NB: This was previously called Cognac but it's from Romania, not France, and Cognac is protected AOC (appellation d'origine contrôlée) so we are following the guideline
Steam distilled from the residue of Brandy (nee Cognac) distillation in Romania
The aromatic substances in cognac derive from the fermented yeast fungus as well as the grapes. After fermentation and distillation of the spirits, the residue can be further distilled as the remaining constituents have higher boiling points and do not come over in the actual alcohol distillation. In this sense it's a bit similar to frankincense, in that, after the main distillation (for frankincense, it would be after the oil,) there are enough aromatic and interesting constituents left in the biomass, so that a different process will yield another product. For frankincense, this would be the Boswellic acid family, and for Cognac, the higher boiling esters.
As Arctander says:
The crude cognac oil may be redistilled to yield a very powerful aromatic which represents the maximum concentration of high boiling esters from the cognac yeast precipitate. Cognac oil is a pale yellow or greenish yellow, somewhat oily liquid of intensely strong, almost harsh-fruity, oily-fatty, yet green-herbaceous odor of outstanding tenacity and great diffusive power. The rectified oil is used in flavors and perfumes in trace amounts, to give a "lift" and fresh-fruity, natural notes, for example in liqueurs, fruit flavors, colognes, etc. It blends well with ambrette, bergamot, coriander, galbanum, lavender, linalool, clary sage, styrax, ylang ylang, etc. He also notes that in the alcoholic drink, the odor is mainly masked by the alcohol and if you dilute the cognac with water, the scent of cognac oil becomes stronger.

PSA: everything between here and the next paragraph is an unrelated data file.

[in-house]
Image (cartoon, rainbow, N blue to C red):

Came back home tired and sad.
Wrapped myself up in a plaid.
Opened a bottle of cognac.
Felt its warmth and a good smack...
Then...I was said
To be seen in that plaid
In three night clubs
And two Irish pubs.
by Larisa Rzhepishevska
This is not really an aromatherapy oil--it's used mainly in perfumery, so that is the only information.
This essential oil is mostly a perfumers oil and it will add a very interesting note. It smells exactly like cognac, quite strong and alcoholic, dry and tart, with a fruity note. It has a light, transparently green color.
As with most essential oils, dilute before using on skin. Perform a patch test before use if essential oil sensitivity is suspected. Do not take essential oils internally. Do not use on children or pets. Seek advice from a trained aromatherapist before using on people with compromised immune systems. Keep away from eyes and mucus membranes.
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